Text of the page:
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Colorado Springs' 'fatal attraction killer' denied full parole

By: Chhun Sun
October 26, 2016 Updated: October 27, 2016 at 6:51 am
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photo - An undated Colorado Department of Corrections photo of Jennifer Reali
An undated Colorado Department of Corrections photo of Jennifer Reali 

Jennifer Reali, known as the "fatal attraction killer" in one of Colorado Springs' most notorious murder cases, was denied parole once again, a Colorado State Parole Board official said Wednesday.

A full board voted Friday to defer her release for at least another year, the official said. The meeting was closed to the public.

Reali will have another try at parole in October 2017.

The full-board consideration placed Reali further along in the parole process than her two previous attempts in 2014 and 2015, when she was denied release in her initial meetings with a panel.

On the night of Sept. 12, 1990, the then 28-year-old Reali - dressed in camouflage fatigues and a ski mask - shot and killed Dianne Hood, the mother of three and wife of Reali's lover, Brian Hood, outside a lupus support meeting in Colorado Springs. Reali testified that Hood persuaded her to commit the murder through Bible verses, saying it was "God's plan."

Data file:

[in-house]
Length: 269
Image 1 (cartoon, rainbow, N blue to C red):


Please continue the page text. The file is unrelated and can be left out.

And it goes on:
Their plan called to make it look like a robbery. Reali shot Dianne Hood twice before leaving with her purse.

Reali received a life sentence after being convicted of first-degree murder and conspiracy to commit murder. However, Gov. Bill Ritter commuted her sentence in 2011, making her eligible for parole.

Brian Hood was convicted of second-degree murder and conspiracy.

On Oct. 11, Reali pleaded with a two-member panel to grant her more freedom during a public parole hearing, saying that she wanted to "give back to a society that I wounded so badly."

After spending more than two decades in prison, the 54-year-old Reali is serving a sentence through the Intensive Supervision Parole Inmate program, or ISPI - which affords her an unshackled life with an apartment in Denver and work at a nonprofit ministry called World Impact.

Asked to name the differences between parole and ISPI, Reali told the panel members earlier this month that she'd have fewer mandatory drug tests, no curfews and freedom to go to "more places."

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